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Ateco locks in third Chinese brand

Coming January: Chinese car-maker Chery's J1 will be launched in Australia in January by Ateco, which also has another Chinese brand in the pipeline.

Third unnamed Chinese vehicle brand to join Great Wall and Chery in 2011

19 Oct 2010

THE company that brought Great Wall Motors (GWM) to Australia last year and plans to introduce Chery here in January has confirmed it will launch a third Chinese vehicle brand Down Under next year.

Independent new-vehicle distributor Ateco Automotive has confirmed a January 19 release date for the Chery range, which as we’ve previously reported will comprise the light-sized J1 hatchback and J11 compact SUV from launch.

Chery’s Toyota Corolla-sized J3 small car will join the Australian line-up next year, when Chery becomes the second Chinese brand to become available here nation-wide.

While Lifan has aborted its planned release of the 520 small sedan this year, the fledgling Geely brand has received federal design approval for its first passenger vehicle but will start only in West Australia before expanding into the eastern states next year.

Also in the Chinese pipeline for Australia in 2011 via importer White Motor Corporation are vans and buses from the Higer brand and Cummins-engined trucks from JAC.

Now, Ateco Automotive governing director Neville Crichton has confirmed his company will launch its third unnamed Chinese automotive brand in Australia next year, this time with a range of five-tonne and seven-tonne trucks.

62 center imageFrom top: Chery J1, Chery J3, Chery J11, Ateco Group governing director Neville Crichton.

“We will launch a third Chinese brand in Australia in the third quarter of next year,” said Mr Crichton, who would not reveal the name of the brand.

Before then, Mr Crichton said the local availability of diesel engines and automatic transmissions for both the X240 compact SUV and V240 utilities in the first quarter of 2011 – plus the release of Great Wall’s first passenger vehicle, the 1.5-litre Voleex light-car, in June – would see Great Wall reach 20,000 sales here next year.

“Right now Great Wall plays in about five per cent of the market, but soon we’ll play in 100 per cent,” Mr Crichton told GoAuto.

“We feel it (Great Wall) will do at least 20,000 next year. No other brand has done that in two years. We’re very proud of that. We’re very, very excited with the new products.”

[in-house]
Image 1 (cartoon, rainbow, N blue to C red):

The Toyota 4Runner-based X240 is currently available only with a 2.4-litre Mitsubishi-sourced petrol engine, but has already earned a three per cent share of Australia’s booming compact SUV segment.

In China, where the $23,990 (drive-away) X240 is known as the Hover, two TCI turbo-diesel engines are offered, in 2.5-litre and 2.8-litre displacements. One of them will be offered with an automatic transmission in Australia’s X240 by the end of March.

Sales of the V240 ute, meantime, slipped back a little to 375 units in September, but the petrol-only light commercial vehicle still helped Great Wall to a 2.7 per cent share of the LCV market last month – well above its 1.8 per cent average this year.

The availability a GWM-designed 2.0-litre turbo-diesel engine, to be matched with an automatic transmission for the first time a month later, is expected to significantly broaden the appeal of Great Wall’s dual-cab V240 and its single-cab derivative launched in January.

Mr Crichton said Ateco remained on target to launch Australia’s first Chinese-built electric vehicle (EV) by the end of 2011, but would not name the brand behind it.

He said the Chery brand would be represented by 60 dealers nationally from late January, in addition to the 67 dealers that now retails GWM vehicles.

“We’re happy with the (Australian) dollar the way it is,” he said. “All of our dealers profitable and extremely happy.”

So far this year GWM has sold just under 5000 vehicles in Australia, including almost 2500 X240s, nearly 1200 V420 4x2s, close to 1000 V240 4x4s and 300 examples of the discontinued SA220 ute, which was recalled for seatbelt repairs after a sub-standard two-star ANCAP safety result before being discontinued in July.

Mr Crichton said warranty claims from Great Wall customers had so far been “not a problem”, partly because of their proven Mitsubishi powertrains and partly because, typically, those buyers had lower expectations than other new-vehicle purchasers.

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